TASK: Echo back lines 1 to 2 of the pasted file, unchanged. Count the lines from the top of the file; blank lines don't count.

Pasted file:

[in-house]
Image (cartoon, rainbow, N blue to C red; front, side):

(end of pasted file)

[in-house]
Image (cartoon, rainbow, N blue to C red; front, side):